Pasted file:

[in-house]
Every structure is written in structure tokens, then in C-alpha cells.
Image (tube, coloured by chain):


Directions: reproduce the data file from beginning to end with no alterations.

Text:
[in-house]
Every structure is written in structure tokens, then in C-alpha cells.
Image (tube, coloured by chain):